“More recently along those lines, we did a study on morbidly obese boys and we found that 75 percent of them had low testosterone and in a period of two years when they lost weight after bariatric surgery, their testosterone was normalized and those that regained weight had low testosterone all over again,” Dandona notes. “So, it really is an obesity-based problem, which has to be tackled and of course, diabetes adds on top of that.”

There are other major areas in which Dandona’s team has made fundamental discoveries. They discovered that insulin is a direct vasodilatory, anti-inflammatory and has anti-atherogenic effects. These effects contribute to cardioprotection in acute myocardial infarction. Dandona received the Pharmacia/Pfizer Award of the Endocrine Society for this work. The team also demonstrated that carbohydrate and fat rich macronutrients induce oxidative stress and inflammation. They have now also discovered that fruits and dietary fiber neutralize the inflammation caused by macronutrients.

More recently, the team has also pioneered the use of drugs licensed for use in Type 2 diabetes in Type 1 diabetes. Dandona was the principal investigator in the global trial of dapagliflozin in Type 1 diabetes. This trial resulted in the licensing of its use in Type 1 diabetes in the UK, Europe and Japan.

At the age of 80, Dandona still conducts two full clinics a week, Mondays and Thursdays, where he sees between 25 and 30 patients, along with his fellows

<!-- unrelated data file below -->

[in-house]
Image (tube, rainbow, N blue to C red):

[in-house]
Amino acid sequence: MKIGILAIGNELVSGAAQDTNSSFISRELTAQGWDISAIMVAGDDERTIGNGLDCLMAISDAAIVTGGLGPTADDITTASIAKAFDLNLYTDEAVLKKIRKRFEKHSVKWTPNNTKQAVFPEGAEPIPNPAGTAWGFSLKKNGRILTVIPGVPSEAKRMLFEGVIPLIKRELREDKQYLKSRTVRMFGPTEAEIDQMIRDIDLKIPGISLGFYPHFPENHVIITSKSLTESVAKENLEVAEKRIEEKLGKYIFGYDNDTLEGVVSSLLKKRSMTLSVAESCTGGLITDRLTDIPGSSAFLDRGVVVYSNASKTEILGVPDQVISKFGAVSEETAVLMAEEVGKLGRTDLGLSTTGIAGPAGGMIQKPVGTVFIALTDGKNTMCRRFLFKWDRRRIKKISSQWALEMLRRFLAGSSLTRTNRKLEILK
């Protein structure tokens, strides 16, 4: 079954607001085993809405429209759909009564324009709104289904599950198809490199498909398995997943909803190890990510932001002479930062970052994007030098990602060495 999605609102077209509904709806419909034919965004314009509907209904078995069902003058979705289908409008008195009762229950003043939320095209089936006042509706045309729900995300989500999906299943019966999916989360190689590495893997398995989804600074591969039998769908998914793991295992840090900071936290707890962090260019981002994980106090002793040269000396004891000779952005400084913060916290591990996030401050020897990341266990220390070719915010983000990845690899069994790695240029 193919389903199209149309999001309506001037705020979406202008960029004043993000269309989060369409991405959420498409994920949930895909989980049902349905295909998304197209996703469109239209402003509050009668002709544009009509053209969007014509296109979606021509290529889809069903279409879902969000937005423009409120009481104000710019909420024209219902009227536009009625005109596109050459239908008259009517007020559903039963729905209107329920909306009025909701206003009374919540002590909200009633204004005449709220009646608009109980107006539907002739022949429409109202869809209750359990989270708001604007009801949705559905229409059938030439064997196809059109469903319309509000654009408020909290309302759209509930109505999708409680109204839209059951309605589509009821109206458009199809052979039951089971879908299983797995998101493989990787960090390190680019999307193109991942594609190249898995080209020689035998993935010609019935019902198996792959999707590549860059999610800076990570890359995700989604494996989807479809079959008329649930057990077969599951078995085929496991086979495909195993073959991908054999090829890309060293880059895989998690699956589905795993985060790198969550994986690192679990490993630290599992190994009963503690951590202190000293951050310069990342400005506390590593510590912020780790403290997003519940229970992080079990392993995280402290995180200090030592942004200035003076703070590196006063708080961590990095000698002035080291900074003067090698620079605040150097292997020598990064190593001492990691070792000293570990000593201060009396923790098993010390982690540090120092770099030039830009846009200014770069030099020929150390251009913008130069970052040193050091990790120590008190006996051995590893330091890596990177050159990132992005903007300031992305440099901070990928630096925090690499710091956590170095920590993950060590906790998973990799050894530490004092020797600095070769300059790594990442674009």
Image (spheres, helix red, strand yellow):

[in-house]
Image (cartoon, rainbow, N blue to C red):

“I am doing this on telemedicine. I am doing this from home since COVID-19 came; with my age I do not want to make myself vulnerable to COVID-19,” he says.

“Actually, COVID-19 has made a tremendous contribution to telemedicine,” Dandona notes. “We hadn’t thought of doing this sort of thing before, but now we can choose which patients need to come physically to the clinic and which patients can be managed from home.”

Endocrinology Program Built Into Powerhouse

2010-11 recipient of the UB Presidential Award for Faculty Excellence, Dandona received a doctorate from Oxford University, where he was a Rhodes scholar. He earned his medical degree from All India Institute of Medical Sciences in New Delhi, the leading medical school in India for the last nearly 70 years. Dandona received the President of India Gold Medal for graduating as the top student.

Dandona says he came to Buffalo from England because he “was looking for the right place to come to and somebody told me Buffalo was looking for a head of endocrinology. Since there was no academic endocrinology here at the time, I chose to come here, and we established everything from scratch.”

“And now we have built up the largest clinical center for endocrinology and diabetes in upstate New York,” he notes. “Our fellowship program was built up from zero to the largest in the United States. It has been a great journey. Ninety fellows have graduated from our program and they are spread all over the United States.”

“During this time, we have published more papers than anyone else in the Department of Medicine — about 450 papers with all kinds of fundamental discoveries and so on.”

Dandona is extremely proud of his team’s work.

“Our standards of care are probably the finest in the world. Since 1997, we have not had any case of major amputation in our patients. We are the only center in the world that can claim that,” he says. “Since 2001, we have not had end stage kidney failure or dialysis if they come to us with reasonable kidney function.”

“So, our clinical care team has done extremely well.”

Dandona accepted his award at the Androgen Society’s 2023 annual meeting, held in Dallas, Texas, where he was the keynote speaker.